LENOX -- The bad news-good news message was delivered in person to town government leaders by state Rep. William "Smitty" Pignatelli: State coffers are filling up at a faster rate than last year, but revenues from state tax collections are below projections.
With tax collections falling below projections, it means the state is not meeting its budget benchmarks, which could impact how much local aid goes to cities and towns.
"We’re not where we thought we’d be; we missed the mark by $235 million," said Pignatelli.
A slowdown in business activity in October is blamed for the problem.
The upshot: Gov. Deval Patrick is seeking approval from state lawmakers for a 1 percent cut in so-called unrestricted general aid to cities and towns to help erase a projected state deficit of $540 million for the rest of the 2012-13 fiscal year.
For cities like Pittsfield and North Adams that are more heavily dependent on state aid, the impact will be greater than in smaller municipalities. In a town like Lenox, the cut would be $4,500.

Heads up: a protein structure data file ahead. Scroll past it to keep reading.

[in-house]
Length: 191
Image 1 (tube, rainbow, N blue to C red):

Holding out hope for a "much brighter" picture a month from now, Pignatelli said holiday-season state tax receipts, if they’re strong, and corporate tax filings in January could make a big difference to the state’s revenue picture. The state already has noted an increase in revenues last month.
"I’m not as concerned as some folks are; at this point, I’m hopeful and optimistic," Pignatelli told Lenox Selectmen and Town Manager Gregory Federspiel at a recent meeting. "But I would encourage you to proceed cautiously, conservatively."
For the 2013-14 fiscal year, Pignatelli said state aid to local cities and towns could be level-funded or could be slashed by 5 percent, depending on the outcome of the Beacon Hill budget-planning season that begins with Patrick’s budget proposal in about five weeks.
Federspiel described the projected state aid cut for the next six months as "not a big hit," but voiced greater concern about potential reductions in state funding for special education needs. But he urged a conservative approach as budget planning for 2013-14 accelerates in the town, which currently gets nearly $1.2 million a year in Chapter 70 state aid designated for education.
To contact Clarence Fanto:
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